The US educational system has been a disastrous failure from the standpoint of training skilled workers in the crucial trades -- the foundations of an advanced high-tech infrastructure. By attempting to channel all students into a 4 year college track -- and neglecting the trades -- US schools have wasted the potential talent of generations of students. As the US educational establishment becomes further ossified under the control of a massive incestuous political machine involving public sector unions and ideologues at both the federal level and the university school of education level, any hope for salvaging the newer generations of prospective skilled work is slipping through the US' fingers.

As baby boomers retire, massive numbers of skilled workers will be lost to an infrastructure that is already suffering for lack of skills.

The problem is that the requirements for skilled jobs tend to change as the underlying technology changes. One cannot train for a skilled job and expect for the job to stay the same. In addition, the economics of domestic production or construction vs. outsourcing work is apt to change from year to year -- making it tougher for managers to plan their infrastructure into the future.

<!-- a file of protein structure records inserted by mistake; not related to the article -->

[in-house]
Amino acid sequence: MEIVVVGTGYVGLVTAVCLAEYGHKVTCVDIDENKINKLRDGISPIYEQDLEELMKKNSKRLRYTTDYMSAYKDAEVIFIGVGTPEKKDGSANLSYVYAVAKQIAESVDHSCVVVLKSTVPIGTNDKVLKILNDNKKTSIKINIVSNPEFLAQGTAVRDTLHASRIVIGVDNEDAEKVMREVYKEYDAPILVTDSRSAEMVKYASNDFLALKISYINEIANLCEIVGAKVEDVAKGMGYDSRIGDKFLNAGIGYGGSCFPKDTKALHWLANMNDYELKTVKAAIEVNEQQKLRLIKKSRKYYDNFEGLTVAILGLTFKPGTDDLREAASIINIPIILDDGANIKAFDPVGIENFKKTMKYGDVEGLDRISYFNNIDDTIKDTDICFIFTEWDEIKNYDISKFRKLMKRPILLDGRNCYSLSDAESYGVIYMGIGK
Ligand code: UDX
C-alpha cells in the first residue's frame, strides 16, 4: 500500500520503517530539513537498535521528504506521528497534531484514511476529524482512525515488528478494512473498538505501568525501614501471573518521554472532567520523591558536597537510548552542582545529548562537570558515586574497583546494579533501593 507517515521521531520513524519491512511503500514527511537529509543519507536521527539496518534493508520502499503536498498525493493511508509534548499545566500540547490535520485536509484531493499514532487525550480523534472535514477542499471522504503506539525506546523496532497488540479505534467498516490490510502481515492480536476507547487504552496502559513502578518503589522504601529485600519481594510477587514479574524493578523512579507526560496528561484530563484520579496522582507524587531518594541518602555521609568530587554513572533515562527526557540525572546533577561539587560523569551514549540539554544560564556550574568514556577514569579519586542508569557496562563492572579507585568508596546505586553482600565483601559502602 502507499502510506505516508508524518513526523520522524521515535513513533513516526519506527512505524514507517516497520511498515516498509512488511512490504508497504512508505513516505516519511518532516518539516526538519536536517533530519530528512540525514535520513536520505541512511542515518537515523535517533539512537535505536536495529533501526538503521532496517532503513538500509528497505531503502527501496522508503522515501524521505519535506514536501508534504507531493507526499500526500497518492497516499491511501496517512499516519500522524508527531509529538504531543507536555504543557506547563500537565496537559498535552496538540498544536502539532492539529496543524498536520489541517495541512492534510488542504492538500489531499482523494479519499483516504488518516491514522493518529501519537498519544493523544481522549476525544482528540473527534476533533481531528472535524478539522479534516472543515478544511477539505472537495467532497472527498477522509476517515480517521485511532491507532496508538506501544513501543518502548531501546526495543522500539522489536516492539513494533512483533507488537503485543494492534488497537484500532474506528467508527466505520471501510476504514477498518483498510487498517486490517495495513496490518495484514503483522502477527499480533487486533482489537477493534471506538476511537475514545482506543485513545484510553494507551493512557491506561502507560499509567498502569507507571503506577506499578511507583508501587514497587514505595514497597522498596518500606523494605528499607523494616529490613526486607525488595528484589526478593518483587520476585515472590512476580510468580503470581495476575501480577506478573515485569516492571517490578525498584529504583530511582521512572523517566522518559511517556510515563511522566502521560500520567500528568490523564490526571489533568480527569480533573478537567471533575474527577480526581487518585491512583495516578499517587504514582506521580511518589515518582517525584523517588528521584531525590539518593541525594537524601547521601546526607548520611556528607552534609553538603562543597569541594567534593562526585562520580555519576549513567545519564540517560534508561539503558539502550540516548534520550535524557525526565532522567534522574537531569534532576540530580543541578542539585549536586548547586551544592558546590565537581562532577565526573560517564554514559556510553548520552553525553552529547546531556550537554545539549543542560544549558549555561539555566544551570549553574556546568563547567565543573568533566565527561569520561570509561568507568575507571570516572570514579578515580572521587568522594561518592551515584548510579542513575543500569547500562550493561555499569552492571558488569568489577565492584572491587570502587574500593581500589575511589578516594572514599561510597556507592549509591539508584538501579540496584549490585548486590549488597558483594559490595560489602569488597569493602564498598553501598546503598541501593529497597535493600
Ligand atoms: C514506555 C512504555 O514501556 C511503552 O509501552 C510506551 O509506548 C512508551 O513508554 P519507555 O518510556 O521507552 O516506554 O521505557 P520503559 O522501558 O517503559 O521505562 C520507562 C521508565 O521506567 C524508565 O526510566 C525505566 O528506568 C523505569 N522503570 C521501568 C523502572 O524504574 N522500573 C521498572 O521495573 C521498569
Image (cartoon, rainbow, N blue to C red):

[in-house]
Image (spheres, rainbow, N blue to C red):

Under the Obama administration's distinctly anti-business regime, this planning task is made 10 X more difficult for managers than it needed to be. As a result, new projects are put on indefinite hold, and the economy goes into a long-term stasis.

Since industry training and industry-sponsored training provide a significant proportion of skilled workers, as industries down-size and postpone their new projects, the training of skilled workers also suffers.

All of these problems add up, so that when a more rational governmental regime finally falls into place, the nation at large has far fewer skills in place to take advantage of a new building phase, should it occur. The skills must be imported at a higher cost -- financially and socially.